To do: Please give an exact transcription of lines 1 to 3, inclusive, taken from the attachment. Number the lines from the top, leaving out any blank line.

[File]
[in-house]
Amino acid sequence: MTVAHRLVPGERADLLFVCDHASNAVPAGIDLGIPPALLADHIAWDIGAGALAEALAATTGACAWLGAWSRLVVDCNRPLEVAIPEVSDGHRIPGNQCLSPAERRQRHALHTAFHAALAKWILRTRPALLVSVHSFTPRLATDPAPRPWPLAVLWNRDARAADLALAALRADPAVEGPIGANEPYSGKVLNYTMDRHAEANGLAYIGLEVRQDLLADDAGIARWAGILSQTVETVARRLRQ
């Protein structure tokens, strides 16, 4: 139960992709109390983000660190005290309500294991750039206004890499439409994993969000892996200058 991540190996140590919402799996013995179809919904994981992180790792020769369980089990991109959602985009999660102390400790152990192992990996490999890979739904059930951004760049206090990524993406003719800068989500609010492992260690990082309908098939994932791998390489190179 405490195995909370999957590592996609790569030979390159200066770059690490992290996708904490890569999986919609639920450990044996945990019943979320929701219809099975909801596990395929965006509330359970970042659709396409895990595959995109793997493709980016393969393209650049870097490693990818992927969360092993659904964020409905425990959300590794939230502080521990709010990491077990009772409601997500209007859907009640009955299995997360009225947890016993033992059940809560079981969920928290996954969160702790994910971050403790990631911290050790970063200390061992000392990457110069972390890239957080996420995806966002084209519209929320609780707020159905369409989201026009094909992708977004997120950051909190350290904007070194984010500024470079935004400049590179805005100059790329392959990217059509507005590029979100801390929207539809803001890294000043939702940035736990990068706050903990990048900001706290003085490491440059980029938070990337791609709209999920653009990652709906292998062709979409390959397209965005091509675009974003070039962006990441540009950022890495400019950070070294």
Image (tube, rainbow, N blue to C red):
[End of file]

[in-house]
Amino acid sequence: MTVAHRLVPGERADLLFVCDHASNAVPAGIDLGIPPALLADHIAWDIGAGALAEALAATTGACAWLGAWSRLVVDCNRPLEVAIPEVSDGHRIPGNQCLSPAERRQRHALHTAFHAALAKWILRTRPALLVSVHSFTPRLATDPAPRPWPLAVLWNRDARAADLALAALRADPAVEGPIGANEPYSGKVLNYTMDRHAEANGLAYIGLEVRQDLLADDAGIARWAGILSQTVETVARRLRQ
């Protein structure tokens, strides 16, 4: 139960992709109390983000660190005290309500294991750039206004890499439409994993969000892996200058 991540190996140590919402799996013995179809919904994981992180790792020769369980089990991109959602985009999660102390400790152990192992990996490999890979739904059930951004760049206090990524993406003719800068989500609010492992260690990082309908098939994932791998390489190179 405490195995909370999957590592996609790569030979390159200066770059690490992290996708904490890569999986919609639920450990044996945990019943979320929701219809099975909801596990395929965006509330359970970042659709396409895990595959995109793997493709980016393969393209650049870097490693990818992927969360092993659904964020409905425990959300590794939230502080521990709010990491077990009772409601997500209007859907009640009955299995997360009225947890016993033992059940809560079981969920928290996954969160702790994910971050403790990631911290050790970063200390061992000392990457110069972390890239957080996420995806966002084209519209929320609780707020159905369409989201026009094909992708977004997120950051909190350290904007070194984010500024470079935004400049590179805005100059790329392959990217059509507005590029979100801390929207539809803001890294000043939702940035736990990068706050903990990048900001706290003085490491440059980029938070990337791609709209999920653009990652709906292998062709979409390959397209965005091509675009974003070039962006990441540009950022890495400019950070070294």